With this realisation has come another: that this sorrow is not itself a cause for sorrow. Regret is not a cause for regret. We ought to be sorry. We ought to regret. Death is not a ‘wound’ to be ‘healed’ or a ‘scar’ to ‘fade’. Once someone has been in the world, they have always been in the world; and once they have gone their absence will be in the world forever, part of the world; in Dad’s case part of mine. This is a good thing.

How foolish, then, is all this talk of ‘getting over’ death. How empty, how wrong-headed the exhortations we make to those who love us that they should try not to miss us when we’re gone. Why not? You do miss someone you love, don’t you, when they’re gone? How self-negating is the wish that others should not feel sad when they remember us. Of course they should feel sad! They can’t talk to us any more.

It is right that we make an imprint on the minds and lives of others, right that we should be needed while still alive; and therefore right that the imprint remains and the loss hurts, and continues hurting.

So I’ve decided that I don’t want to ‘come to terms’ with Dad’s death. It’s bloody awful that he isn’t here. It still cuts me up, and this is a fact of love. I’m perfectly capable of keeping things in proportion, as Dad always did, but I don’t want to ‘get things into perspective’, if by that one means wanting them to grow smaller. It’s a fact; his life is a fact; the gap now is a fact; it’s not getting any smaller; I’m sad, but I’m happy that I’m sad.

Matthew Parris is a columnist on the Times.

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Show comments
  • Marcus Cotswell


    You may not want to come to terms with your father’s passing; this article is eloquent testimony that you have done so. In your own way, to be sure – but then how else could you?

    Best wishes

  • Adrian Sell

    Quite simply one of the most humane, brilliant writers of our times. Thank you Matthew for putting in words what I could not.

  • Alice Tromm


    You write exactly my feelings. My dad also passed away 5 years ago and the missing doesn’t decreases, it increases. I didn’t cry at his death but now I remember more and more quotes he used and use them myself with my mom and sister.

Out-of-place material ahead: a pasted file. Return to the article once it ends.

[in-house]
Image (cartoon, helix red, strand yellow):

I also regret that I cannot ask him questions any more about his past, the war, his life.
    We hear them but we never write them down, don’t we!

    Thank you for this article, as I thought, I was the odd one out.

  • jill

    Matthew – heartfelt thanks for writing this and sharing with others. Love is love and is remembered for all time. The not being there, able to lift the phone and have instant rapport is what one misses most, such a shame there isn’t a hot line to heaven. Grief sometimes takes years to surface and sweeps upon us like lightening out of a clear blue sky. Loved shared should be passed to others because as we know love is truly the strongest force of all. I had this precious gift with my darling Mother. Keep writing from the heart.

  • Linda Botha

    Matthew thank you for expressing my sadness so eloquently. My father died in Dec ’08 after a long fight with the dreaded Alzheimers. When he was fighting his demons and at his worst, I wished he’d pass on and leave us all in peace. He has, but he’s not left us in peace. He’s left a huge gap in my life which too, will never be filled. I miss his smile the most…

  • lauriemacdonell-sanchez

    Utterly beautiful yet heart-piercing conveyance of the nearly inexpressible: I felt as if I were receiving a revelation from a writing of Thomas Mann, only warmer. A very wise friend told me when my father died that I would miss him more, not less, as time goes by. And so it is.

  • Eugenia Sonnenberg

    “a big gap where he had been” this is what is all about. I have this with a very dear friend who died 2 years ago.Many shared memories (Brahms!)or regrets: he never saw my potager, just photos of it. As usual M Parris knows how to write about feelings and people. Thank you!

  • MJU

    Dear Matthew,
    I have been very moved reading your article. My father died 32 years ago; he never came where I live – the Antipodes.Still I miss him in my life, not in this particular place where I am.